Hey Taylor… this one is for you

Hey Taylor this one is for you…
A friend of mine asked me to recommend a DSLR camera for his new business. I imagine he will also be using his camera for other stuff besides work i.e. kids, sports, vacations, family gatherings etc. He mentioned that he would need a fisheye lens for his work. I think he may be better off with an extreme wide angle vs. a fisheye lens. A wide angle lens will have less distortion then a fisheye lens.

This is actually a fairly simple question. The two major manufactures on the market are Canon and Nikon. In 2003 Sony took over the Konica/ Minolta camera division. The Alpha 100 was the first DSLR to hit the market for Sony. To read Digital Photography Review™ follow this link Sony A100. Sony along with other known manufactures continue to make a nice showing in the trade magazines.


Nikon has just introduced the third camera in the introductory DSLR lineup the Nikon D60. The other two are the Nikon D40 and the D40x. I would choose the D60 over the other two in the series. The D60 is the latest and will have the most up to date electronics and software.

It was released shortly after the Nikon D300 and the Nikon D3, so you know it will have the latest and greatest for this price point.

Digital Photography Review™:
Nikon D60 (New)
Nikon D40x
Nikon D40

Staying true to form, Canon released in late 2003 a low priced consumer DSLR. Like everything, in the camera market, as time marches forward the prices drop and features are more plentiful.

Canon has the proven Rebel series from the film camera days. They stuck with the name because it was a big marketing hit with Andre Agassi being the ultimate rebel spokesman.The newest addition in the Canon Rebel series is the release of the Canon’s EOS Rebel XSi. This is so new that Digital Photography Review™ doesn’t have a review on it yet. But, I did find a review in the PopPhoto Online mag.

Digital Photography Review™:
Canon EOS Digital Rebel XTi
Canon EOS Digital Rebel XT

I chose a Nikon for my personal camera, not because I don’t like Canon cameras, because I do, it was for the fact I already had Nikon lenses I could use with my Nikon DSLR. However, If I didn’t already have Nikon equipment I would have most likely bought a Canon. I like Canons lenses more.


Canon has slightly better quality lenses. For years Nikon led the pack in lens technology. However when Nikon switched from glass ground lenses to a poured/molded glass and plastic lenses they slipped off the quality scale. Nikon does use glass optics in the higher end lenses, but to make the lens more price friendly they are using the poured/molded glass instead of ground glass.

In the lower end lenses Nikon uses a hybrid of glass and plastic. This makes it lower priced for the average consumer. Also, the hybrid makes the lens much lighter. This is not to say that Canon and any other manufacture aren’t doing the same with their lenses, they are, and I am just saying that Nikon has slipped off their perch.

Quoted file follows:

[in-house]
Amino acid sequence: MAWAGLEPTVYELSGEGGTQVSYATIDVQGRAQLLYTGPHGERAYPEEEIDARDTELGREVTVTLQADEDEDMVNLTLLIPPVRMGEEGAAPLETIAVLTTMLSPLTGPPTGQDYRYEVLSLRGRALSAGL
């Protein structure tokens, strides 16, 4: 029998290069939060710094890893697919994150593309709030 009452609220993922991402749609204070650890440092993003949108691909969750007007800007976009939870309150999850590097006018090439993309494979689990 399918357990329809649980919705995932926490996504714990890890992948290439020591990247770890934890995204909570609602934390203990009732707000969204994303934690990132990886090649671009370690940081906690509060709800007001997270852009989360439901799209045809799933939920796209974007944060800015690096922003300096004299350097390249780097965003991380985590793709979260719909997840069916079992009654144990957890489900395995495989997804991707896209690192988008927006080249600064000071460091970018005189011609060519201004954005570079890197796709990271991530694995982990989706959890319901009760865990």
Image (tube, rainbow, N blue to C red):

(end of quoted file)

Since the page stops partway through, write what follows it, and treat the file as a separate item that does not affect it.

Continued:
Keep in mind with the lower priced DSLR cameras, the digital chip or CMOS sensor are not full size. The DX CMOS chips usually have an image increase factor of 1.4 (Nikon) to 1.5 (Canon). What that means is when you add a 100 mm (non-converted) lens to a Canon camera you will be shooting the equivalent of a 150mm standard lens.

In case you wanted to know a full size CMOS sensor camera prices start at $4,999.99 for the body only. Yeah, I thought so…Two lenses I would start with, if you don’t get one included in a camera kit (packafe). I would purchase an Ultra Wide Angel Zoom with the fastest speed lenses I could afford. In this case fast doesn’t mean fast focus. It means the lower the f – number the more light passes through the lens and the lower ambient light I can shoot in without the aid of a flash. A f/2.8 lens is twice as fast as a f/3.5. (see: Get the F/Stop)

The other lens would be a telephoto zoom. Nikon has a new extreme wide to telephoto zoom lens 18-200mm for less then $1,000.00

If you want to save money on lenses you can buy a lens from a third market manufacture. Sigma, Tamron and Tokina all make lenses for all the major camera manufactures. Sigma Photo has the greatest selection and verity of lenses. Just so you know I buy the lens made by Nikon. Nikon lenses are designed and built for Nikon cameras. However, sometimes I cannot afford a Nikon lens and I purchase third maket lenses. My 70-200 f2.8 is made by Tokina. It cost me $560.00 used. If I would have bought the same lens from Nikon the price would have been over $1,800.00 new.

Digital Photography Review™:
Nikon 18-200mm f/3.5-5.6G IF-ED AF-S VR DX
Sigma 10-20mm F4-5.6 EX DC HSM

Where to purchase?

That is a good question. I am a big fan of buying local. Support your local dealer in your local town, city or pueblo. I like to keep my money in the community where I live. One the other hand I am no fool, if I can purchase the same product with someone else with at least a 10% savings, well sorry local guy, I got to do what I got to do. Also, if I can save and addition percentage from purchasing my equipment on the Internet (sales tax free), I think that is a no brainer.

If I buy online I go to B&H Photo first. B&H are
located in New York and they have a real good sales and support staff.

It is a mouth full of information to chew on. If you have any questions please drop me a line and I will answer them the best I can. My knowledge base is primarily Nikon and Sigma. However, it’s not always what you know as much as it is where to go to get the answers.

The Missing Link:

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